Skip to main content

The Globe and Mail

Boeing turns up heat in Airbus, Bombardier rivalry

This October 4, 2008 photo shows an American Airlines aircraft taxiing to the gate at Dulles International Airport in Dulles, Virginia. American Airlines on July 20, 2011 announced a massive multi-billion-dollar order for 200 Boeing 737 and 260 Airbus A320 passenger jets.


Boeing Co. is turning up the heat in the high-stakes rivalry with Airbus SAS and Bombardier Inc. over the lucrative single-aisle airplane market.

The U.S. aerospace giant now says it is moving in the direction of offering a variant of its 737 commercial aircraft rather than waiting until it can design and develop a completely new airplane at a later date.

In doing so, it is matching Airbus's strategy to re-engine its popular A320 family of airplanes, a move that puts more immediate pressure on Montreal-based Bombardier's all-new C Series jet.

Story continues below advertisement

If Boeing had decided to go with a completely revamped airplane, Bombardier would have had more time to market and establish its unproven C Series plane.

Boeing said Wednesday that American Airlines has committed to order a variant of its 737 featuring more fuel-efficient engines, pending final airplane configuration and launch approval of the program by its board of directors.

The commitment is for 100 planes, with options on 60 more.

The agreement is in addition to a firm order by American Airlines for 200 Boeing narrowbody planes, with options for 100 more.

American Airlines - a unit of AMR Corp. - also said it is ordering 260 Airbus A320 aircraft, including 130 units of Airbus' re-engined model.

The fact that Bombardier's C Series was excluded from American Airlines' massive order - said to be the biggest in aviation history -- is also a blow to the manufacturer's efforts to win more high-profile sales.

"We suspect [Bombardier]was pursuing American as a potential C Series customer given the airline's substantial fleet of aged MD-80s, with which the [C Series 300]competes. The more broad implication is the intensification of the competitive landscape for the C Series," UBS Securities Canada analyst Tasneem Azim said in a research note.

Story continues below advertisement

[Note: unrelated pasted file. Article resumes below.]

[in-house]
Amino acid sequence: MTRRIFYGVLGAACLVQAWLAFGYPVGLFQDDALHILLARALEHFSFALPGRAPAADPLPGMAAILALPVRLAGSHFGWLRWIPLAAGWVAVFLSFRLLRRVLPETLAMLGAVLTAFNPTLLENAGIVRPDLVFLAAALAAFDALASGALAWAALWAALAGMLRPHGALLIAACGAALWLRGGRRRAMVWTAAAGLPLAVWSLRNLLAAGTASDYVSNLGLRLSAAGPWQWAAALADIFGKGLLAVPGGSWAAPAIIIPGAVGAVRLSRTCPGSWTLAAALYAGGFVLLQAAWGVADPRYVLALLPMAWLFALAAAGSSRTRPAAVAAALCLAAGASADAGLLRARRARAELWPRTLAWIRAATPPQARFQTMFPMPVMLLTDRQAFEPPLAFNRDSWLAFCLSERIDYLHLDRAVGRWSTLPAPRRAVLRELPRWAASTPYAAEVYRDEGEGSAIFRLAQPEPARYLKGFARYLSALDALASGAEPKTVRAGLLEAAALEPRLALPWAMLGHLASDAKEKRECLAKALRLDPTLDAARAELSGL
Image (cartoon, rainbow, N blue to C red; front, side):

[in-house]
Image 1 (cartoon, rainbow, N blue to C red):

Boeing spokesman Tim Bader downplayed the potential threat to Bombardier.

"I don't know if I consider this a direct head-to-head competition, in terms of the decision we make for how many seats and all that. It remains to be seen."

Bombardier has it's targeting 50-per-cent market share of the 100-to-149-seat segment of the global commercial jetliner sector.

Bombardier spokesman John Arnone said the company is not overly concerned that Boeing had decided to go ahead with a re-engined 737.

"Our business plan for the C Series always assumed a competitive response," he said.

The C Series has a strong competitive advantage over both the re-engined Airbus and Boeing planes because it is the only all-new aircraft being offered by the three rivals, he said.

Story continues below advertisement

"The C Series remains the only 100 per cent all-new aircraft, including not only a game-changing engine but a more efficient airframe and ability to lead in terms of reduced fuel burn and lower operating costs. It's a value proposition that is unmatched and that is reflected in recent order momentum," he added.

National Bank Financial analyst Cameron Doerksen said in a note that a re-engined 737 will be "a more formidable competitor to Bombardier's C Series, at least relative to the current generation of 737."

But he added that the re-engined 737 faces the same challenges as the re-engined Airbus A320 - called the A320neo.

The Boeing 737 variant will be a much heavier aircraft, thus not as cost-efficient to operate and no doubt have the same avionics and other systems that were developed for the 737 in the 1990s, he said.

"Thus, the C Series will still be the only all-new narrow-body on the market until either Airbus or Boeing develops something new sometime post-2020. The C Series will also still be the clear leader for operating economics in the sub-150 seat category."

The Boeing decision to go with a 737 variant should also help airlines that have been sitting on the fence waiting to see what the full range of options available to them are finally make fleet decisions, he said.

Report an error Licensing Options
About the Author
Quebec Business Correspondent

Bertrand has been covering Quebec business and finance since 2000. Before joining The Globe and Mail in 2000, he was the Toronto-based national business correspondent for Southam News. He has a B.A. from McGill University and a Bachelor of Applied Arts from Ryerson. More

Comments are closed

We have closed comments on this story for legal reasons. For more information on our commenting policies and how our community-based moderation works, please read our Community Guidelines and our Terms and Conditions.